In April 2006, as a means of controlling rising healthcare costs, President George W. Bush announced his intention to expand health savings accounts (HSAs), the tax-free savings accounts established by the 2003 Medicare reform bill.
To further adoption, the president proposed tax breaks for HSA spending and premiums for HSA-compatible insurance plans, as well as the ability for consumers to take any HSA-qualified insurance plan with them if they change employment. He asserts that HSAs and the consumer-directed health plans that accompany them will reduce healthcare costs by making it easier for consumers to afford insurance and exercise control over their healthcare dollars.
Putting off care
But critics worry that healthcare organizations are not ready for this kind of fundamental change. They suggest that consumer-directed health plans might decrease healthcare utilization — leading consumers to put off elective procedures or avoid preventative care.
“It's going to impact utilization to a degree,” says Ann Hynes, director and senior analyst, healthcare services, at Leerink Swann and Company, Boston. “I have a friend who brings her children to the doctor if they sneeze, but consumer-driven health weeds out that type. Instead of rushing in, they'll just wait and see. Instead of having that elective procedure, maybe they'll wait a year or two.”
Jane Keller, CEO of the Indiana Orthopaedic Hospital (IOH), a 42-bed orthopedic surgery hospital in Indianapolis, says that IOH saw a substantial increase in volume in the last few months of last year. “We offer primarily elective procedures. And I think why we saw patients put off procedures until the end of the year is that they met their deductibles and that affected how they used their HSA dollars.”
Managing debt collection
Detractors also say that with consumers responsible for more of their healthcare bills, hospitals will have to become experts in debt collection.
“In the past, hospitals have proven to be not so good at collecting consumer debt,” says Devon Herrick, Ph.D., a senior fellow at the National Center for Policy Analysis (NCPA) in Dallas. “But as consumers control more of their healthcare dollars, hospitals are going to have to be.”
Joseph Quagliata, president and CEO of South Nassau Communities Hospital, a 441-bed acute care facility in Oceanside, N.Y., is concerned that many don't appreciate just how much goes into running a proper medical facility, and the costs involved.
“If you understand what goes into providing a service in a hospital, we have enormous overhead,” he says. “The emergency department has huge standby costs associated with it. For instance, it is staffed 24/7, has all kinds of equipment ready to respond to people's needs. And, of course, heat, light, power, all of the things that go into running a sophisticated facility.”
Currently, pricing for any hospital service involves recapturing some of those costs. But Quagliata worries that with the higher deductible insurance plans that accompany HSAs, consumers will decide to go to a lower-priced ambulatory care center instead of the emergency room, reducing the ability of hospitals to bring in cash.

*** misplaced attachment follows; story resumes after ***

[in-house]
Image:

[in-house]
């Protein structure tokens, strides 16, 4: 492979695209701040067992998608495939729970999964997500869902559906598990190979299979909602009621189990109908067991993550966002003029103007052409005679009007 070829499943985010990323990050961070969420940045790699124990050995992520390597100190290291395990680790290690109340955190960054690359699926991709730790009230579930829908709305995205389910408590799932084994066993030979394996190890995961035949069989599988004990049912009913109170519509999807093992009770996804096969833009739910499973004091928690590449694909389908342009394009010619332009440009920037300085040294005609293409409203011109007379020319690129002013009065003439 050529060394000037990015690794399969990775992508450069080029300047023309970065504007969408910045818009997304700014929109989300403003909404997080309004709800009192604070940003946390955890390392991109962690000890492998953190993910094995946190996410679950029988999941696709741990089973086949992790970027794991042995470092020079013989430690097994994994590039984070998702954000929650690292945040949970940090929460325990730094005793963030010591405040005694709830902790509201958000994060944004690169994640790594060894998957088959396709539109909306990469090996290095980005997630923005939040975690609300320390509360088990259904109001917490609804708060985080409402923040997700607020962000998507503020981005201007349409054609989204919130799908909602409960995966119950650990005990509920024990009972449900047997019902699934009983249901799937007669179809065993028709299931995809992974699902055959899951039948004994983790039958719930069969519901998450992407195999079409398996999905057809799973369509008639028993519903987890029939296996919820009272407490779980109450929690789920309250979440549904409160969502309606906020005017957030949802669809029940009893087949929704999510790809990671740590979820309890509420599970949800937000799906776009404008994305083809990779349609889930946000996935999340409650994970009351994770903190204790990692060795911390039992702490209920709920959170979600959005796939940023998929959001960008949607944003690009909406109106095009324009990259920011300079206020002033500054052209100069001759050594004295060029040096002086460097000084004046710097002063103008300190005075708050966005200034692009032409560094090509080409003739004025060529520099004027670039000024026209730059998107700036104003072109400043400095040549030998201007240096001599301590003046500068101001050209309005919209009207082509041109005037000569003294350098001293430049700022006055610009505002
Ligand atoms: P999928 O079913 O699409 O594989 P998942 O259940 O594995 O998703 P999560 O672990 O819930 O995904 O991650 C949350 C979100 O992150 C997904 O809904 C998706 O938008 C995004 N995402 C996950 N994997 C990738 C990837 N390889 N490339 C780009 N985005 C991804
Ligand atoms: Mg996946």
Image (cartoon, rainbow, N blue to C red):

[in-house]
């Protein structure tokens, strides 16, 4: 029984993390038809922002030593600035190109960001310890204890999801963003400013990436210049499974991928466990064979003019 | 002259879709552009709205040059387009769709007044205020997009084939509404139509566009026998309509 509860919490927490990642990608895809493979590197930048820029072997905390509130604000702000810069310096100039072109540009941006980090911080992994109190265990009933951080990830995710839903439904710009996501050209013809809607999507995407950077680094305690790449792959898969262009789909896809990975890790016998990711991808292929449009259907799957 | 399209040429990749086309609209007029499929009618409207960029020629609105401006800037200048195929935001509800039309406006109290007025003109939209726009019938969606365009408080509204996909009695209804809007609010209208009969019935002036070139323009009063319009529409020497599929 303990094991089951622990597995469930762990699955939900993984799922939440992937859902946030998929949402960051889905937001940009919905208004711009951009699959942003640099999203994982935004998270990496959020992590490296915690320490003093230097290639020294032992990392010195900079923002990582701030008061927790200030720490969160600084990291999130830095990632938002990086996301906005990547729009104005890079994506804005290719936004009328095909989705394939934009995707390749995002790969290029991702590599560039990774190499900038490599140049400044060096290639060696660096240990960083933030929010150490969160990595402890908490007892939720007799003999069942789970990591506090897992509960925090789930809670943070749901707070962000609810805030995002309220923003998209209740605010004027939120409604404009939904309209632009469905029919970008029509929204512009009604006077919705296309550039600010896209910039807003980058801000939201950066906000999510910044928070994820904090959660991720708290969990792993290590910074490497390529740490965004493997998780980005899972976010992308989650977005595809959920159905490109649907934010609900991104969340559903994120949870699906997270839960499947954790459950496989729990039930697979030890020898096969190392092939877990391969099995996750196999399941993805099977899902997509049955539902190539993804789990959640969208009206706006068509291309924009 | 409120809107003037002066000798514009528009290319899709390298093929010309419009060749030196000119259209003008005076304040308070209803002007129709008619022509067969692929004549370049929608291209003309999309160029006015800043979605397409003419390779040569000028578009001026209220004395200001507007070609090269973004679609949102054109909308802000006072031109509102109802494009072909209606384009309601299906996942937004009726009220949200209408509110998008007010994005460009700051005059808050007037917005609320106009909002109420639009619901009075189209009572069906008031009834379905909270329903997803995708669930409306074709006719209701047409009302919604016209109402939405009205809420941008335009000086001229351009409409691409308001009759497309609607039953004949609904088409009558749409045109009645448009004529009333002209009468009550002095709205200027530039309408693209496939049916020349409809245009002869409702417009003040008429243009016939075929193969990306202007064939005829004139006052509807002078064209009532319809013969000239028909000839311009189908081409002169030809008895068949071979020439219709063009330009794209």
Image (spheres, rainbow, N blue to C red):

Asking for payment upfront
Analysts have stated that to weather these changes, hospitals need to move to point-of-service collection. But Hynes says that the switch is difficult. “The culture is not to collect money upfront. But hospitals have to institute upfront collection policies for non-emergency care.”
IOH has recently implemented this kind of upfront collection strategy, and Keller says it has been a big change. “We call patients, see if they might incur a large out-of-pocket expense, and then work with them before admittance to help them manage that.”
Chip Giffin — vice president of revenue cycle for Pennsylvania Mountains Health Alliance (PMHA), an association of 15 independent rural hospitals in the Lehigh Valley area of Pennsylvania — says that his organization is taking things one step further by developing automated systems at the point of care to determine how much a patient has to pay. “The intent is two-fold. We want to know both a patient's ability to pay, as well as their propensity to pay. At the front end, we need to know about ability first.”
PHMA is in the process of implementing a database with a rules engine that takes in a patient's insurance and financial information, and provides hospitals with an idea of what co-pays, deductibles or other costs are involved. The system would also provide credit scoring. With that information in hand, staff can determine how much a patient should pay upfront and set up a payment plan before services are rendered.
Hynes agrees that having that kind of knowledge upfront is critical to getting reimbursed. “Once a patient walks out, the chance of collecting the money they owe decreases by 80 percent,” she says. “As consumer-driven healthcare increases, collecting debt is only going to get more difficult. Hospitals need to invest a lot of money in upfront collections and start doing it now.”
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